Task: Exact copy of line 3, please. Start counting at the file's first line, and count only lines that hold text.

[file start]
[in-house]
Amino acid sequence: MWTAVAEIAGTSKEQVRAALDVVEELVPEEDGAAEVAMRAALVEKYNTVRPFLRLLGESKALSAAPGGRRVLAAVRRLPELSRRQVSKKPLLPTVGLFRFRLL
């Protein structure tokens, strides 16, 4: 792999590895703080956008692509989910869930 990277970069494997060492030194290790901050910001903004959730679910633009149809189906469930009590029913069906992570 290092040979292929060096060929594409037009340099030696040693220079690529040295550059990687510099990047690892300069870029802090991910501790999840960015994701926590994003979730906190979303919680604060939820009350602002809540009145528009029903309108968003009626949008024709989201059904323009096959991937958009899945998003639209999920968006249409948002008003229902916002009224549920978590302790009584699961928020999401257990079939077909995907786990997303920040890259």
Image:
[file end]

């Protein structure tokens, strides 16, 4: 792999590895703080956008692509989910869930 990277970069494997060492030194290790901050910001903004959730679910633009149809189906469930009590029913069906992570 290092040979292929060096060929594409037009340099030696040693220079690529040295550059990687510099990047690892300069870029802090991910501790999840960015994701926590994003979730906190979303919680604060939820009350602002809540009145528009029903309108968003009626949008024709989201059904323009096959991937958009899945998003639209999920968006249409948002008003229902916002009224549920978590302790009584699961928020999401257990079939077909995907786990997303920040890259």